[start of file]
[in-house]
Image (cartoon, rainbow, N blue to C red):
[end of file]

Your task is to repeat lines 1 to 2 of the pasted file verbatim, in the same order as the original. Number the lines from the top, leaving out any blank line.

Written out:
[in-house]
Image (cartoon, rainbow, N blue to C red):